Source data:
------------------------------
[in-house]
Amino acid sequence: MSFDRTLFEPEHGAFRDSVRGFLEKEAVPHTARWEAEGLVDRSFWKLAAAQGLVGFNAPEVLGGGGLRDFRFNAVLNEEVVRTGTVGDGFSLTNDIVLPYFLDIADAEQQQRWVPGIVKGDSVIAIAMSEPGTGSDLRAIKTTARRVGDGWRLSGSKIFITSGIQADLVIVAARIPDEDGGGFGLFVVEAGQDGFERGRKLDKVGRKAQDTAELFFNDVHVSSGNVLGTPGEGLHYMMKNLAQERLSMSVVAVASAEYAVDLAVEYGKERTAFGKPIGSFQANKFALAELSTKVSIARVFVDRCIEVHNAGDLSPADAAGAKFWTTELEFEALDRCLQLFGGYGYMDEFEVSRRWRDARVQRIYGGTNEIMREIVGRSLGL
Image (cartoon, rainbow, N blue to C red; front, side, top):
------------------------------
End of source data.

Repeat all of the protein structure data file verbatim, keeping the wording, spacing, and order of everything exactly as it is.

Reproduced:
[in-house]
Amino acid sequence: MSFDRTLFEPEHGAFRDSVRGFLEKEAVPHTARWEAEGLVDRSFWKLAAAQGLVGFNAPEVLGGGGLRDFRFNAVLNEEVVRTGTVGDGFSLTNDIVLPYFLDIADAEQQQRWVPGIVKGDSVIAIAMSEPGTGSDLRAIKTTARRVGDGWRLSGSKIFITSGIQADLVIVAARIPDEDGGGFGLFVVEAGQDGFERGRKLDKVGRKAQDTAELFFNDVHVSSGNVLGTPGEGLHYMMKNLAQERLSMSVVAVASAEYAVDLAVEYGKERTAFGKPIGSFQANKFALAELSTKVSIARVFVDRCIEVHNAGDLSPADAAGAKFWTTELEFEALDRCLQLFGGYGYMDEFEVSRRWRDARVQRIYGGTNEIMREIVGRSLGL
Image (cartoon, rainbow, N blue to C red; front, side, top):